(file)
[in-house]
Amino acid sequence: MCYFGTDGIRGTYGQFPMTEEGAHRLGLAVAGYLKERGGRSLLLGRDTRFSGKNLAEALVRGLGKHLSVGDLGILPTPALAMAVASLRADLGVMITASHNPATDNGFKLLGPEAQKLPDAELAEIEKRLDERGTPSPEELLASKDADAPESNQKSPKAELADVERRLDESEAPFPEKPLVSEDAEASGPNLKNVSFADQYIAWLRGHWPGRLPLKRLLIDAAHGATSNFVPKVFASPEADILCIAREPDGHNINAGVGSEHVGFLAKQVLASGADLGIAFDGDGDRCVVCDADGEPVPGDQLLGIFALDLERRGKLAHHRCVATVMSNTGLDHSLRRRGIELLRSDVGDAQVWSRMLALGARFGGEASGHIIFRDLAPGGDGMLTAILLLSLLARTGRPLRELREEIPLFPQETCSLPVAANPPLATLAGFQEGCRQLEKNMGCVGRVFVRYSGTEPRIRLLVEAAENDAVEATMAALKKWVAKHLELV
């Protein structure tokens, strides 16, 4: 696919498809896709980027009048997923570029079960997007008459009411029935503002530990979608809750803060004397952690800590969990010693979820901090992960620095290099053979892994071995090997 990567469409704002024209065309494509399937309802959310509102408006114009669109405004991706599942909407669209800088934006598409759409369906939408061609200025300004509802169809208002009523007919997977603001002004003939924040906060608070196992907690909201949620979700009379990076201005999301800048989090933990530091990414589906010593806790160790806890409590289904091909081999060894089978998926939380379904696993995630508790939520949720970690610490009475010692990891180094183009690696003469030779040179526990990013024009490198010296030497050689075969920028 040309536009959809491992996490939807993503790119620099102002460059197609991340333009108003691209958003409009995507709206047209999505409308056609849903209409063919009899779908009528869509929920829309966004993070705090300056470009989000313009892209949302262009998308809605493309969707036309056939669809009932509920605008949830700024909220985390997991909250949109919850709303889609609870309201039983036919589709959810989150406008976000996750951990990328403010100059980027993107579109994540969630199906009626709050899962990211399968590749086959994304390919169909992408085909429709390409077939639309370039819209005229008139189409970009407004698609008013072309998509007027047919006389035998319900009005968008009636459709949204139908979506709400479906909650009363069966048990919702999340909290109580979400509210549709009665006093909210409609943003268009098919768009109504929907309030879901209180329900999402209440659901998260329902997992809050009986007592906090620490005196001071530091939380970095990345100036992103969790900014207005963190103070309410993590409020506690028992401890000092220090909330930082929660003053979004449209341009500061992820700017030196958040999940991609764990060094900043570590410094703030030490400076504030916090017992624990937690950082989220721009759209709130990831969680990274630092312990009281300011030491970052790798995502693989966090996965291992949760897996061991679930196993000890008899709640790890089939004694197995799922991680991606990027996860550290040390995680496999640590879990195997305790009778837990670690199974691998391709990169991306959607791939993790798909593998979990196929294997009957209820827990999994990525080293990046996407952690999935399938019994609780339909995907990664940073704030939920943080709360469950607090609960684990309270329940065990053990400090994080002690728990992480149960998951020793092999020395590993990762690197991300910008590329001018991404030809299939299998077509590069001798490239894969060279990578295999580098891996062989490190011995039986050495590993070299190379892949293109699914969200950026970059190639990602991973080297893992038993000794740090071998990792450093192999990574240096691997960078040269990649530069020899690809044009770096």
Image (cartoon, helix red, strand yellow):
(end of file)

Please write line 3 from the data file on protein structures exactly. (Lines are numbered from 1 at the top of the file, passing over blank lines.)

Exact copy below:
């Protein structure tokens, strides 16, 4: 696919498809896709980027009048997923570029079960997007008459009411029935503002530990979608809750803060004397952690800590969990010693979820901090992960620095290099053979892994071995090997 990567469409704002024209065309494509399937309802959310509102408006114009669109405004991706599942909407669209800088934006598409759409369906939408061609200025300004509802169809208002009523007919997977603001002004003939924040906060608070196992907690909201949620979700009379990076201005999301800048989090933990530091990414589906010593806790160790806890409590289904091909081999060894089978998926939380379904696993995630508790939520949720970690610490009475010692990891180094183009690696003469030779040179526990990013024009490198010296030497050689075969920028 040309536009959809491992996490939807993503790119620099102002460059197609991340333009108003691209958003409009995507709206047209999505409308056609849903209409063919009899779908009528869509929920829309966004993070705090300056470009989000313009892209949302262009998308809605493309969707036309056939669809009932509920605008949830700024909220985390997991909250949109919850709303889609609870309201039983036919589709959810989150406008976000996750951990990328403010100059980027993107579109994540969630199906009626709050899962990211399968590749086959994304390919169909992408085909429709390409077939639309370039819209005229008139189409970009407004698609008013072309998509007027047919006389035998319900009005968008009636459709949204139908979506709400479906909650009363069966048990919702999340909290109580979400509210549709009665006093909210409609943003268009098919768009109504929907309030879901209180329900999402209440659901998260329902997992809050009986007592906090620490005196001071530091939380970095990345100036992103969790900014207005963190103070309410993590409020506690028992401890000092220090909330930082929660003053979004449209341009500061992820700017030196958040999940991609764990060094900043570590410094703030030490400076504030916090017992624990937690950082989220721009759209709130990831969680990274630092312990009281300011030491970052790798995502693989966090996965291992949760897996061991679930196993000890008899709640790890089939004694197995799922991680991606990027996860550290040390995680496999640590879990195997305790009778837990670690199974691998391709990169991306959607791939993790798909593998979990196929294997009957209820827990999994990525080293990046996407952690999935399938019994609780339909995907990664940073704030939920943080709360469950607090609960684990309270329940065990053990400090994080002690728990992480149960998951020793092999020395590993990762690197991300910008590329001018991404030809299939299998077509590069001798490239894969060279990578295999580098891996062989490190011995039986050495590993070299190379892949293109699914969200950026970059190639990602991973080297893992038993000794740090071998990792450093192999990574240096691997960078040269990649530069020899690809044009770096």